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Fishing Safety Tips

By: Sally Aquire - Updated: 31 Dec 2012 | comments*Discuss
Fishing Safety Tips

Fishing isn't particularly dangerous but there are still certain safety considerations that you should be aware of.

Fishing Etiquette

There are certain rules that all anglers should stick to:
  • Look over your shoulder before you cast your rod, as you never know what or who might be behind you.
  • Keep an eye on your tackle. It's easy for someone to trip over and injure themselves, if it's left lying around. They can also break your tackle, which could prove expensive.
  • Don't put your hand inside the throat of a fish to remove the hook - it can still do damage! Use a hook remover instead.


If you're a sea angler, you'll know the importance of being a good swimmer. Falling overboard isn't that common, but it's always a possibility. Experts recommend wearing a lifejacket that has been approved by the British Standards Institute. Make sure that children wear lifejackets at all times.

Water currents are another safety consideration to bear in mind. Don't fish in an area of water in which you are likely to be dragged by the current, as you can quickly find yourself in trouble.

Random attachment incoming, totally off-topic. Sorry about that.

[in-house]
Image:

Even if it isn't particularly sunny, glare from the sun can bounce off the surface of the water. Wearing sunglasses is the best way to protect your eyes from this. You can take this a step further by wearing polarized glasses. These let you see beneath the surface of the water, so you can gain an advantage over your fellow anglers by spotting the fish before they do.

On a related note, sun cream is also essential. It's easy to neglect your skin if you are immersed in your fishing, but you need to reapply every two hours (or sooner if it rubs off on clothing or washes off). Sun cream with a Sun Protection Factor (SPF) above 15 is recommended - the higher, the better. You're can still burn when it's cloudy, so get into the habit of applying sun cream every time you head outside.


Tailoring your clothing to the weather is essential. You need to be prepared for both hot and cold weather. It's better to add lots of layers and take them off if you get too hot. Even if the weather is warm, pack a spare jacket (preferably a waterproof one), as the weather can quickly take a turn for the worse. See our article on 'Fishing Clothing' for more advice on clothing.


Wearing shoes might seem like one of the more obvious safety tips, but many people like to walk barefoot on the beach. This opens up the possibility of cutting your feet on sharp stones or broken glass. Lots of potentially dangerous objects are washed up on beaches, including fishing hooks.

First Aid Kit

A basic first aid kit should contain plasters, bandages, insect repellent and antiseptic. Some basic knowledge of first aid will also come in handy. This can easily be picked up through training courses offered by St John Ambulance or the British Red Cross.

As far as sports go, fishing is one of the least dangerous, but there are still certain safety considerations to bear in mind, especially if you will be accompanied by children.

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